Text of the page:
Budget Plan Proposes Investment in Future Teachers

AUSTIN HERNANDEZ , SOPHIA HUA Copy Editor , Editor in Chief

At a press conference earlier this month, Gov. Gavin Newsom proposed a nearly $1 billion state budget which would increase funding for California’s schools and invest in college students who hope to become teachers. Due to teacher shortages in many rural and low-income areas, Newsom is prioritizing the teacher workforce with this new proposal.

 According to EdSource, in order to incentivize more college students to pursue teaching crucial subjects at schools that require more attention, Newsom is proposing $20,000 stipends for these students. 

Stipends are fixed sums paid as either a salary or allowance. Under this proposal, the stipends would be a one-time allowance which would cover the cost of college and credentials for these students as long as they are willing to work in low-income areas that are in need of teachers. $100 million would be set aside for these stipends, potentially funding 5,000 new teachers. 

“Anything that would support and encourage new teachers to dedicate themselves to populations which don’t get the teachers they need is a great idea,” English teacher Nancy Padilla said. “However, stipends are limited because they are only temporary.”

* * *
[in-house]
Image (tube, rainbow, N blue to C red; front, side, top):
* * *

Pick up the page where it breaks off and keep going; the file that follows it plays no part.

Newsom’s proposed budget also includes $900 million for staff development, $900 million more in funding for special education and development of community schools. Additionally, Newsom’s proposed education budget would increase the average spending per student by $496. Newsom wants to distribute more funds to districts with lower-income families, English learners, foster youth and students with disabilities. He would also support more programs that would benefit economically challenged families. 

Funding would also provide intervention and screening for preschoolers, potentially helping students with disorders such as dyslexia. 

“I think that students interested in joining the teaching field when they are older should really take working in lower-income areas into consideration,” junior Shay Phan said. “Opening themselves up to extremely helpful opportunities will help them reach their goals and push them to their full potential.” 

The budget proposal revision will come out in mid-May and must be acted on by State legislature by  the deadline on June 15 of this year.